Do you have any plans to fund more projects in the upcoming years?

Right now we have invested in 2 or 3 startups and we are focusing our energy now on developing The Quint. So nothing is in the offing right away but if something interesting, something out of the box comes along, we are always happy to look at it.

How would you review Indian news websites?

I think there are two kinds of Indian websites. There are Legacy news websites and there are new guys like Scroll, The Wire, and Scoopwhoop.

I think some of the new age websites are doing amazing work with their editorials as they are far more free journalistically than some of the Legacy operations. Because the Legacy media’s ownership comes in the way of free journalism.

While it is all very balanced (news coverage) but what I find very interesting and exciting is the fact that we are at a place where people put strong views on various issues. They don’t just keep shoving out the news. It’s a diversity of views that come in because on television channels you will find that same kind of people come down covering every issue and talking about the same things.

Whereas the kind of people who you can read or whose views you can get on digital media is very very diverse. Then there are legacy players who are also experimenting… there is Indian Express, Hindustan Times, etc. which are doing some interesting new works.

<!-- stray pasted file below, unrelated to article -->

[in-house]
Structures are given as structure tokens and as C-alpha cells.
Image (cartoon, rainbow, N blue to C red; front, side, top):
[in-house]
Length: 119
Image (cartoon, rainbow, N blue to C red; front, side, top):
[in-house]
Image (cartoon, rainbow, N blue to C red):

INDIA’S RANKING IN PRESS FREEDOM INDEX IS VERY LOW. What do you think are the reasons and the probable solutions?

I think some of the solutions are independent news outlets if the Indian readership is open to subscription. A lot of news is under pressure because news is a very resource incentive. You have to send reporters out in the field to get stories. You have to send camera persons. You have to have the processing strength for news. News requires funds. If funds can come from the readers, subscriptions, that would be great. Because you are not turning to any other avenue of funding.

One of the other things is that some media outlets are somewhat compromised by their ownership which has a political alignment which ultimately leads to a compromised freedom of the press.

The solution lies in the ability of the media to self-fund. If they are able to find ways which allow them to be completely free and have the resources to go out and do the reporting.

Tell us something unknown about Raghav Bahal, personal or professional?

He is a big Bollywood buff and he knows the lyrics of every Hindi film song, songs that no body has ever even heard of.

Do you have any attachments with Network 18 now?

Of course, I have an attachment with Network 18. We are happy to see it reaching new heights but we have moved on now and now my attachment is much more with The Quint.

What would be your message to the students of journalism across India?

Keep experimenting, keep innovating but don’t lose sight of facts and objectivity.